Donald Alan Wilson

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The most commonly cited descriptions of the behavioral characteristics of habituation come from two papers published almost 40 years ago [Groves, P. M., & Thompson, R. F. (1970). Habituation: A dual-process theory. Psychological Review, 77, 419-450; Thompson, R. F., & Spencer, W. A. (1966). Habituation: A model phenomenon for the study of neuronal(More)
Simultaneous recordings of main olfactory bulb (MOB) and anterior piriform cortex (aPCX) neuron responses to repeated and prolonged odor pulses were examined in freely breathing, urethan-anesthetized rats. Comparisons of odor responses were made between multi-unit recordings of MOB activity and single-unit extracellular and intracellular recordings of Layer(More)
While adult-born neurons in the olfactory bulb (OB) and the dentate gyrus (DG) subregion of the hippocampus have fundamentally different properties, they may have more in common than meets the eye. Here, we propose that new granule cells in the OB and DG may function as modulators of principal neurons to influence pattern separation and that adult(More)
Alzheimer's disease (AD) is associated with impaired clearance of β-amyloid (Aβ) from the brain, a process normally facilitated by apolipoprotein E (apoE). ApoE expression is transcriptionally induced through the action of the nuclear receptors peroxisome proliferator-activated receptor gamma and liver X receptors in coordination with retinoid X receptors(More)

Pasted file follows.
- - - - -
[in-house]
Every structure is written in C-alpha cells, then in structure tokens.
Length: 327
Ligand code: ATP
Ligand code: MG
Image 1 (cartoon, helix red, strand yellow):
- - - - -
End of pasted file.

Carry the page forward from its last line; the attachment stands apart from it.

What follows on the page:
These experiments examined the sufficiency of pairing an odor with either intrabulbar activation of noradrenergic beta-receptors or pharmacological stimulation of the locus coeruleus to support learned odor preferences in Postnatal Day 6-7 rat pups. The results showed that pups exposed to odor paired with beta-receptor activation limited to the olfactory(More)
Autophagy, a major degradative pathway for proteins and organelles, is essential for survival of mature neurons. Extensive autophagic-lysosomal pathology in Alzheimer's disease brain contributes to Alzheimer's disease pathogenesis, although the underlying mechanisms are not well understood. Here, we identified and characterized marked intraneuronal(More)
Sensory processing is often regarded as a passive process in which biological receptors like photoreceptors and mechanoreceptors transduce physical energy into a neural code. Recent findings, however, suggest that: first, most sensory processing is active, and largely determined by motor/attentional sampling routines; second, owing to rhythmicity in the(More)
Mammalian neonates have been simultaneously described as having particularly poor memory, as evidenced by infantile amnesia, and as being particularly excellent learners with unusually plastic nervous systems that are easily influenced by experience. An understanding of the neurobiological constraints and mechanisms of early learning may contribute to a(More)
Alzheimer's disease often results in impaired olfactory perceptual acuity-a potential biomarker of the disorder. However, the usefulness of olfactory screens to serve as informative indicators of Alzheimer's is precluded by a lack of knowledge regarding why the disease impacts olfaction. We addressed this question by assaying olfactory perception and(More)